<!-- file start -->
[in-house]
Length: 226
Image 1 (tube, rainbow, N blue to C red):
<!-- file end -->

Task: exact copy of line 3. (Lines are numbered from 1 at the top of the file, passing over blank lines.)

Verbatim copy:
Image 1 (tube, rainbow, N blue to C red):